Lyrics sung to the tune “Yankee Doodle” alluded to the pre-inauguration plot against Lincoln (SC 2264)
Prior to 1937, Inauguration Day for U.S. presidents was March 4. On that day in 1861, there was great excitement, but also grave uncertainty. Abraham Lincoln took office at a time of national crisis, with the South in the midst of secession and Lincoln himself the recent subject of a rumored assassination plot. Soon after his swearing-in, tensions only escalated with the attack on Fort Sumter and the secession of Virginia in April.
Collections in the Manuscripts & Folklife Archives holdings of WKU’s Department of Library Special Collections afford a glimpse at the mixed emotions the new president elicited from Americans. In August, a letter to Barren County, Kentucky merchant Wade Veluzat from a Lincoln voter denied that either he or his candidate were abolitionists. “But,” he wrote, “if the people of the South will make war on us because we vote for whom we please for President, then let it come.” In September, a defiant secessionist in Russellville, Kentucky took up the challenge in a letter sent to Ohio. “We are not afraid of the Lincoln Negro Party, we say whip us if you can.”
Four years later, Lincoln’s first-term record drew a similarly wide range of comment. As we have previously seen, Bevie Cain of Breckinridge County had nothing but scorn for supporters of the President’s “wicked unwise rule.” She dared a Unionist friend to “just tell me one item of good that his reign has accomplished or will accomplish.” An Indiana man was on the other side of the fence, finding Lincoln to be, in fact, insufficiently radical. He expected, nevertheless, to vote for the reelection of “old Abe,” observing presciently that he “is a good honest man, and has already said and done enough to make his name famous among the friends of universal Liberty everywhere and for all time.”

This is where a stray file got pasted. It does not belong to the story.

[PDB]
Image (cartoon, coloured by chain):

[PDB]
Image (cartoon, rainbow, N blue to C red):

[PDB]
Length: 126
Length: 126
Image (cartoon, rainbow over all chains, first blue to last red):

Click on the links to access finding aids for these collections. For more on Lincoln, presidents and presidential inaugurations, search TopSCHOLAR and KenCat.
Inaugural materials from the Pearl Carter Pace Collection
Every fourth year, January 20 assumes special significance as Inauguration Day in the United States. Not only does it signal the beginning of a new presidential term, it marks the culmination of months of planning for countless parties, receptions, dinners, balls, teas, concerts, luncheons and other assorted schmoozes as well as the inaugural ceremony itself, all of which the political elite flock to attend.
Monroe County native Pearl Carter Pace (1896-1970) participated in and helped to plan many such functions. Before becoming the first woman in Kentucky elected to the office of sheriff for a 4-year term, she had taught school, worked in several family businesses, married and had 3 children. After her husband died in 1940, Pace threw her energies into state Republican politics. In 1953, she became a member of President Dwight D. Eisenhower’s War Claims Commission, and her chairmanship of that body in 1959 made her the second-highest ranking woman in the Administration. She worked tirelessly for many other political and civic causes in both Kentucky and Washington.
Preserved in the Pearl Carter Pace Collection at WKU’s Special Collections Library are invitations, programs and correspondence relating to presidential inaugurations from 1949-1969, but principally for Eisenhower in 1953 and 1957. These materials provide a close-up view of the scramble to reserve accommodation and transportation to the inaugural events, create lists of invitees, arrange seating, and secure admission to the most-coveted Washington functions. As Republican National Committee chairwoman for Kentucky at the time of Eisenhower’s first inauguration, Pace obtained tickets for a Middlesborough constituent, who responded with elation at the prospect of attending this historic event. “It was the most wonderful Christmas gift a Kentucky woman could have been afforded,” she declared, and hoped that on the appointed day she would be near enough “to see our great President take his solemn oath of office.”
Download a finding aid for the Pearl Carter Pace Collection by clicking here. For more of our political collections, search TopSCHOLAR and KenCat.